Appszoom for Developers

How to test your app on a tight budget

Posted by on 05/17/2016

student-group-tablets.jpgAnyone with the least bit of professional software development experience will tell you that you should never underestimate the value and importance of testing your program. This is especially true of mobile apps, which undergo a sometimes-painful vetting and examination process before being published on major app stores.

But hiring a fully-qualified QA team to test your app and squeeze every last bug, inconsistency and UI/UX issue out of it might not be within your budget range, especially if you’re an indie developer. But does the fact that you can’t afford a full team of professionals justify not testing your app thoroughly?

I’m sure you already know the answer to that question.

In this article I will show you a few tricks that can get help you get quality user testing for your app, at a very low price.

build your test audience

The first order of business is to recruit your testers, because every good testing strategy needs a solid base of users. Here are a couple of places to find quality testers for free:

  • Email lists: If you’ve already gathered an email list for your app (say through your landing page or by some other means), you already have a potential list of test users at your disposal. These are people that have shown interest in your app, and there’s a likely chance that many of them will leap at a chance to test the app they’ve been anticipating for months.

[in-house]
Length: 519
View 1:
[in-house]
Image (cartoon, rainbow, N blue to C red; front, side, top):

• Families and friends: They might not be the most candid people in criticizing the fruit of your efforts, but they’re a good place to start when all else fails.
  • Users from previous versions of the app: If your app has a predecessor or you’ve published similar apps before, your loyal users can turn out to be the best people to test your app and give you feedback.
  • Random people: Based on the demographics of the target audience of your app, you might be able to find potential testers in local hubs such as your library or nearest Starbucks, universities or other places where tech-oriented people gather. Ask nicely for a few minutes of their time to test your app. I’ve seen others sweeten the deal with a free coffee and donut. I don’t do it because I believe it can turn out to become an obstacle when the user wants to express negative feelings about the app. But it might work for you.

Be honest about yourself and your intentions, and your testers will be candid as well. You might want to give feedback forms in order to make sure you get the right feedback from the users. But if you plan to do so, don’t hand out the forms before the testing. In general, anything that might set the user on a predetermined path or disrupt their experience, whether emotional or technical, should be avoided at all costs.

It’s good to have your app tested by thousands of people, but it’s not a vital necessity. Even fewer than ten testers can get you started on getting quality feedback on your app and spotting some of its major flaws. This way you can have your app tested iteratively, each round being carried out by a different group of newcomers.